The House of Dragon, created by an entire different team, will arrive about three years since the cold winter. The cast includes Matt Smith, Paddy Considine and Sonoya Mizuno who will be bringing to life a different era of Westeros.
Midnight Mass is Creepy With A Dark Subtext and You Need To See it
‘God’s angel’ had sinister plans for the town.
The reign of terror plunges a small and quiet town to ashes when the arrival of a charismatic yet mysterious priest coincides with the return of a disgraced young man who has just been released from prison.
While Riley (Zach Gilford) initially finds that Crockett Island and its 127 residents – along with his childhood sweetheart Erin (Kate Siegel) – still conduct a mundane existence, Pastor Paul (Hamish Linklater) soon changes that.
When the island’s much loved Roman Catholic senior priest takes a trip to the pilgrimage and never comes back, an energetic new priest takes his place at the Holy Land church. And while his arrival brings with it a new wave of spiritual revival amongst the island community, something sinister begins to haunt the town.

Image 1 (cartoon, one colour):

With each episode, the esoteric occult that powers Paul’s ability to perform astounding miracles and mesmerise the islanders, slowly gains dominion over the unsuspecting community. Instead, they begin taking up a renewed interest in the church as word of mouth spreads about the signs and wonders. Much like Jesus Christ was able to draw crowds wherever he went, the appearance of Paul’s supernatural power is able to attract even those who’d remained sceptics their lives.
It’s the blending of the sacred and the sinister. The taking of communion that has been contaminated with demonic blood, which functions as the miracle drug promising eternal life.
We soon find out the miracles come at an unthinkable cost.